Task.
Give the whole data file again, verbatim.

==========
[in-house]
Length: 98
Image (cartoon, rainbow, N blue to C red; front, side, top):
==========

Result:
[in-house]
Length: 98
Image (cartoon, rainbow, N blue to C red; front, side, top):